Opposition Councilor Says She Is Being Obstructed From Fulfilling Duties

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The Candlelight Party holds a march in Phnom Penh on June 3, 2022. (Keat Soriththeavy/VOD)
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An opposition commune councilor in Battambang says she is being obstructed from doing the work she was elected to perform, with the ruling-party commune chief bringing in someone from the outside to head a committee she believes she should be running.

Roeurn Srey Noy, the second deputy chief in Kors Kralor district’s Kors Kralor commune, told VOD that she was supposed to head a committee on women’s and children’s affairs as part of her responsibilities in her newly elected position. However, another woman named Kha Seila was instead nominated to chair the committee via a Koas Krala commune hall, she said, a decision that is confirmed in a letter dated July 29.

Srey Noy alleged that the commune chief, Hong Sophat, was leading local officials to circumvent her, and that Seila was not elected to any council position in the June 5 election.

“In that meeting, they let all [the local officials], the commune chief and district hall officials [vote], and then they nominated that person and they asked if there was anyone who disagreed,” she said.

However, Sophat, the commune chief, argued that hiring an external person to chair the committee was not illegal.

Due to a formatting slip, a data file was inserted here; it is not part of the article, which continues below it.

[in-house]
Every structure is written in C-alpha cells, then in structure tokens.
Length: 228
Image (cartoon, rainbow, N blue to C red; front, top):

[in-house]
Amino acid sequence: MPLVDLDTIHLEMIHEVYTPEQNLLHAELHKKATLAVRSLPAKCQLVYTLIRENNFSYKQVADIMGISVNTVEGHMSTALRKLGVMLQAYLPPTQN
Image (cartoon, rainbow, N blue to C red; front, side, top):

A decree on establishing women’s and children’s affairs committees in communes specifies that the committee is to be chaired by the commune chief, with the second deputy commune chief serving as vice chair. The decree also states that a second deputy commune chief who is also a woman may elect another person with specialization in the subject to be a permanent member of the committee.

The second deputy commune chief generally supports the commune chief in administration, social work, public services and public order, while the first deputy chief primarily assists in financial affairs, according to the Law on Commune Administration.

Vong Runni, deputy of the Candelight Party’s women’s movement, said her group was investigating the case, but she felt it was not unusual for ruling party leaders to circumvent female opposition members in the second deputy position. 

“We will try to find all solutions to discuss what we should do if we see that our second commune councilor tried to advocate, but [her peers] don’t respect her like that,” Runni said.

“We have a plan to meet the leaders to find out what we should do to help her. But we have not had a deep discussion yet because we want to investigate a bit more at this time.”

Korn Savarng, an official at elections NGO Comfrel, spoke generally that commune council leaders should take steps to resolve issues over division of work.

“This commune administration can file a complaint to the Interior Ministry to check the duties and tasks relating to managing the commune administration [to see] why there is no equal division of duties and tasks as is regulated by law. So at this point, work need to be done to transfer it correctly,” Savarng said.

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